United States District Court, S.D. Illinois
MEMORANDUM AND ORDER
J. ROSENSTENGEL United States District Judge
matter is before the Court on Plaintiff's Motion for
Extension of Time to File a Notice of Appeal (Doc. 25), which
was filed on February 6, 2018. The motion does not explain
why Plaintiff may need an extension; instead, it simply asks
for a thirty-day extension of time “to respond to the
above-captioned Lashbrook [and] John Baldwin.” (Doc.
25, p. 1). He goes on to note that he seeks “this
extension to prepare [his] notice of appeal.”
civil rights action was dismissed for failure to state a
claim upon which relief may be granted on January 8, 2018
(see Doc. 23), pursuant to 28 U.S.C. § 1915A.
Judgment was entered the same day. In the Dismissal Order
(Doc. 23), the Court notified Plaintiff that he would have 30
days within which to file an appeal. That 30-day deadline
falls on February 7, 2018. See Fed. R. App. P.
Plaintiff's request for an extension of time to file a
notice of appeal in this case may appear on its face to be a
simple matter, a District Judge may only grant an extension
of time in limited circumstances. The 30-day time limit for
the filing of a notice of appeal is a jurisdictional
requirement. Bowles v. Russell, 551 U.S. 205, 209-10
(2007). Federal Rule of Appellate Procedure 4(a)(5)(A)
authorizes a District Judge to extend the time to file a
notice of appeal only upon a showing of “excusable
neglect or good cause.” “Excusable neglect”
most often comes into play when a party has failed to file
anything within the 30-day time limit. See Sherman v.
Quinn, 668 F.3d 421, 425-26 (7th Cir. 2012) (mere
ignorance of the rules will not support an extension);
Marquez v. Mineta, 424 F.3d 539, 541 (7th Cir. 2005)
(District Court Judges “do not have ‘carte
blanche' authority to allow untimely appeals”).
Plaintiff is aware of the 30-day deadline, thus
“excusable neglect” is not a factor here. His
motion clearly indicates that he desires to pursue an appeal,
and the fact that he was able to file his motion before the
expiration of the 30 days indicates that he could also have
filed his notice of appeal within that time frame. Under
these circumstances, Plaintiff has not shown good cause to
warrant an extension of time.
Court must look beyond Plaintiff's request for more time,
however, in order to determine whether Plaintiff's motion
should itself be sufficient to serve as a timely notice of
appeal. A Court should liberally construe Federal Rule of
Appellate Procedure 3(c) to accept a document as a notice of
appeal if the tendered document is its “functional
equivalent, ” particularly where the filing comes from
a pro se party and provides adequate notice to other
parties. See Smith v. Barry, 502 U.S. 244, 248
(1992). The purpose of the notice of appeal requirement
“is to ensure that the filing provides sufficient
notice to other parties and the courts. Thus, the notice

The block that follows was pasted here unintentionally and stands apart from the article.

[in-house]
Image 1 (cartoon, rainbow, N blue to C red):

afforded by a document ... determines the document's
sufficiency as a notice of appeal.” Id.
(citation omitted). The Seventh Circuit has held that a
motion for extension of time may suffice as a notice of
appeal. Listenbee v. City of Milwaukee, 976 F.2d
348, 350-51 (7th Cir.1992). See also Smith v. Grams,
565 F.3d 1037, 1041-42 (7th Cir. 2009) (document filed with
district court served as notice of appeal despite pro
se filer's erroneous request to appeal to Supreme
Court); Scherer v. Kelley, 584 F.2d 170, 174 (7th
Cir. 1978) (pro se notices of appeal “are
entitled to a liberal construction where the intent of the
appellant is apparent and the adverse party is not
case was dismissed upon threshold review, thus service was
never ordered on any of the defendants. Plaintiff's
motion for extension of time gives sufficient notice of his
intent to pursue an appeal, and it may be construed as a
notice of appeal without any prejudice to any defendant.
IS THEREFORE ORDERED that Plaintiff's Motion for
Extension of Time (Doc. 25) is CONSTRUED as
a NOTICE OF APPEAL from the Order and
Judgment dismissing this action. The Clerk shall terminate
the motion at Doc. 25 and take all necessary steps to
transmit the record in this case to the United States Court
of Appeals for the Seventh Circuit.
Plaintiff is unable to pay the $505.00 appellate filing and
docketing fee, he shall submit a motion for leave to appeal
in forma pauperis (“IFP”) to this Court,
by the deadline that will be set by the Seventh Circuit.
Should Plaintiff desire to withdraw his appeal, he must file
a motion in the United States Court of Appeals for the
Seventh Circuit. Fed. R. App. P. 42(b).
IS SO ORDERED.
 Federal Rule of Appellate Procedure
3(c) dictates that a notice of appeal must “(A) specify
the party or parties taking the appeal ... (B) designate the
judgment, order, or part thereof being appealed ... and (C)
name the court to which the appeal is taken” and
directs that “[a]n appeal must not be dismissed ...